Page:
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A novel C-terminal degron identified in bacterial aldehyde decarbonylases using directed evolution



Aldehyde decarbonylases (ADs), which convert acyl aldehydes into alkanes, supply promising solution for producing alkanes from renewable feedstock. However the instability of ADs impedes their further application. Therefore, the current study aimed to investigate the degradation mechanism of ADs and engineer it towards high stability.


Here, we describe the discovery of a degradation tag (degron) in the AD from marine cyanobacterium Prochlorococcus marinus using error-prone PCR-based directed evolution system. Bioinformatic analysis revealed that this C-terminal degron is common in bacterial ADs and identified a conserved C-terminal motif, RMSAYGLAAA, representing the AD degron (ADcon). Furthermore, we demonstrated that the ATP-dependent proteases ClpAP and Lon are involved in the degradation of AD-tagged proteins in E. coli, thereby limiting alkane production. Deletion or modification of the degron motif increased alkane production in vivo.


This work revealed the presence of a novel degron in bacterial ADs responsible for its instability. The in vivo experiments proved eliminating or modifying the degron could stabilize AD, thereby producing higher titers of alkanes.


Rising energy consumption and the finite supply of fossil fuels are global challenges that demand sustainable alternative strategies [1,2,3]. Alkanes, the major components of conventional fuels [4], are mainly derived from non-renewable resources and can be naturally synthesized in cyanobacteria, green algae, insects and plants. Since Schirmer et al. (2010) identified two key enzymes responsible for alkane/ene biosynthesis in cyanobacteria [5], significant progress has been made in producing alkanes in microbial cell factories via fatty acid synthases (FAS) and reverse beta-oxidation (RBO) pathways and in vitro enzymatic electrosynthesis assisted by AD (Fig. 1) [6,7,8,9,10,11,12,13]. To our knowledge, the highest reported value for long chain alkane production is 2.54 g/L (C13-C17) in engineered Escherichia coli [7], but this is still insufficient for industrial scale-up. It has been reported that the low efficiency of AD is the bottleneck of alkane production [4, 14, 15], which warrants further investigation into how ADs behave in vivo.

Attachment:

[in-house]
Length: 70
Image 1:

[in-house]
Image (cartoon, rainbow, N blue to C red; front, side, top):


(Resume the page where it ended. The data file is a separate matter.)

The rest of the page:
Fig. 1
figure 1

Metabolic strategies for alkane production. There are three distinct AD groups catalyzing the formation of alkane via different mechanisms. Both plant and insect ADs are membrane proteins, whereas bacterial ADs are localized in cytosol. AD aldehyde decarbonylase, FAS fatty acid synthesis, RBO reverse beta-oxidation

Three distinct groups of ADs have been discovered (Fig. 1): AD in higher plants and green algae, that converts the aldehyde carbon to carbon monoxide [16,17,18]; AD in insects, a cytochrome P450 enzyme, which oxidizes the aldehyde carbon to carbon dioxide using the NADPH and molecular O2 [19, 20]; AD in bacteria, that converts the aldehyde carbon to formate [5, 21, 22]. Among these, both plant and insect ADs are membrane proteins, complicating their characterization in vitro. In contrast, bacterial ADs are small soluble proteins, which allows them to be studied in vitro more readily, leading to their wider use in metabolic engineering [11, 15, 23,24,25,26]. Although new bacterial AD is constantly being characterized and engineered for alkane production [11, 22, 23, 27, 28], our experiments showed that protein accumulation of bacterial ADs is limited in vivo. It was also reported that there is no significant accumulation of most bacterial AD in E. coli during incubation [15], and even a decrease in AD abundance after 10 h of incubation [28]. The low levels of AD might be due to fast in vivo degradation, which can limit the application of AD for alkane biosynthesis. This prompted us to attempt to improve the performance of bacterial ADs.